Meet V.E. Fintz. She lives in a three-story home in north DeKalb County, which contains several different collections, the most prominent being circus-related items. Within that category, we focus on her remarkable clown collection and learn from a knowledgeable enthusiast.
When Fintz was a kid in New York, every spring the famous Ringling Brothers and Barnum & Bailey Circus appeared at Madison Square Garden, and Fintz’s mother or aunt took her and her sister to the three-ring show. Fintz was most fascinated by the clever cameo clown act. The side show, aerial feats and animals were thrilling, but when the lights went down, and hobo Weary Willy (the unrivaled Emmett Kelly) stood alone in the center ring, chasing the spotlight with his broom, Fintz was transfixed.
“Every professional clown,” Fintz explains, “has a legally-patented persona, an original face, costume and routine. Think of Charlie Chaplin. Clowns are great athletes, acrobats and gymnasts. Think of Buster Keaton. I was so impressed by ‘clown culture,’ that in the early 1970s, when I was living in the South, I went to a regional Ringling Brothers clown audition in Greenville, S.C. I planned to apply for admission to their Clown College, and I got an application. I met my former husband close to that time, and my life took a different trajectory. In an effort to rekindle that dream, I applied again 20 years later, and I subsequently framed their rejection letter!”
Fintz, who holds a Bachelor of Arts in French, a master’s in education and a doctorate in reading, went on to teach for more than 40 years. She claims that she began clown oil paint-by-numbers to avoid working on her doctorate, but soon moved from two- to three-dimensional clowns. Her first purchase was a porcelain Lladro clown, which she had to pay for in installments. A world traveler, Fintz has collected clowns from Denmark, Italy, Spain, Portugal, Ireland, Hungary, Indonesia and China, as well as the United States, but every unique clown doesn’t pass her acquisition test. “I collect clowns that are funny, sad, beautiful or wistful, but never ugly or scary,” she said.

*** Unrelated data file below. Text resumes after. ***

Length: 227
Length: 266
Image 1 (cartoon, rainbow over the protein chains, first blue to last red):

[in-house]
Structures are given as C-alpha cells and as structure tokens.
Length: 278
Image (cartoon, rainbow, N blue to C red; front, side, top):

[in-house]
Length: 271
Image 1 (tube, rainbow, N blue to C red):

“I’ve never met a famous clown – and there are some great ones – but I enjoy watching them and learning about them. I love the performances of the inimitable Bello Nock, the wild, orange-haired daredevil clown, whom I’ve seen at Shriners, Big Apple (twice) and Ringling Brothers circuses.
“My classic poster collection was ‘thrust’ upon me by friends and family. One couple made it a ‘point of honor’ to bring me a street circus or clown poster from every country they visited. One time they purchased a wire cutter and in the dead of night ‘released’ a two-sided poster from a streetlamp. A friend gave me a Murano clown she’d owned since grade school because her young son kept chipping it. My nephew, on his family trip many years ago, bought me a pair of gigantic clown shoes, instead of choosing something for himself. My mechanic gave me a clown, which a customer left him after he worked on the client’s clown car. Yes, it’s gotten around that I collect clowns!”